Air pollution levels have been continuously trending lower as Malta’s partial lockdown effort to curb the spread of COVID-19 extended into April and May.
The concentration of nitrogen dioxide (NO2) decreased by an average of 35 per cent across monitoring stations. Data was gathered from the Msida, Żejtun, Attard and Għarb stations between February 19 and April 19.
The Msida station, which typically picks up some of the island’s heaviest traffic, saw a decrease of 25 μg/m3 (micrograms per meter cubed) at its peak hour, a 40 per cent reduction in pollution on average.
In Żejtun, there was a 56 per cent average reduction in NO2 level, with its peak going from just over 35 μg/m3 to just over 15 μg/m3 during the lockdown period.
Attard’s station registered a decrease of 11 per cent, with the peak of NO2 concentration moving from around 7.30 am to earlier in the morning at around 6am.
Readings from the monitoring station in Għarb were negligible, as the station is in a rural area that seldom experiences traffic flow and the source of the pollutants it registers is largely imported and not recorded at source.
Mark Scerri, a lecturer at the Institute of Earth Systems at the University of Malta, said that while registering numerical decreases was important, it was becoming increasingly clear that Malta needed to work on reducing road traffic if it wanted to take a serious approach to reducing air pollution long term.
“Research has shown us that, despite varying due to seasonality and atmospheric conditions, Malta’s primary source of pollution is road traffic and it is time to start looking towards some radical solutions to get results,” Scerri said.
Widening roads to reduce pollution is like realising you’ve gained too much weight and instead of tackling the real problem, you buy yourself a bigger pair of trousers
“Let’s set better targets at teleworking. If a job can be done from home, then why not do so twice a week? If commutes and school runs are clashing and resulting in a peak, we should perhaps consider changing school opening hours.”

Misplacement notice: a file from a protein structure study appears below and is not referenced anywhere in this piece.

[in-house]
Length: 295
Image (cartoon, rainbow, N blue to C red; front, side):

Asked if he thought there could be other major contributors to pollution levels in Malta, such as cruise liners, Scerri said he considered the issue a little ‘overblown’.
“Cruise liners mostly affect port areas and the traffic is concentrated between 5am to 10am. You also have the discharge coming from a chimney which is many meters above the ground and so it is dispersed,” Scerri said.
“Cars pollute at ground level, and at much higher frequency and durations.”
From his own research into the Msida harbour area, Dr Scerri found that shipping activity in the area contributed much less pollutant particles than the flow of road traffic.
Despite the overall improvement in air quality, Scerri says the situation might be short lived, as the relaxation of some measures had already seen a visible increase in cars on the road.
“We can only expect pollution levels to start going up from here.”
Asked whether solutions to tackle traffic issues such as road widening would have an impact in seeing a long-term reduction in air pollution, Scerri replied that the effective way to see a reduction would be to tackle it at source.
“Research has indicated that measures like road widening are short lived and effective for a short period of time. Once people realise a particular route is more expedient than the other, they will flock to it and the situation will quickly remain at par,” Scerri says.
“You would also have to curb the increase of cars on the road if you want to impact the density of pollutants emitted.
“Widening roads to reduce pollution to me is like realising you’ve gained too much weight to wear a pair of trousers and instead of tackling the real problem, you buy yourself a bigger pair of trousers.”
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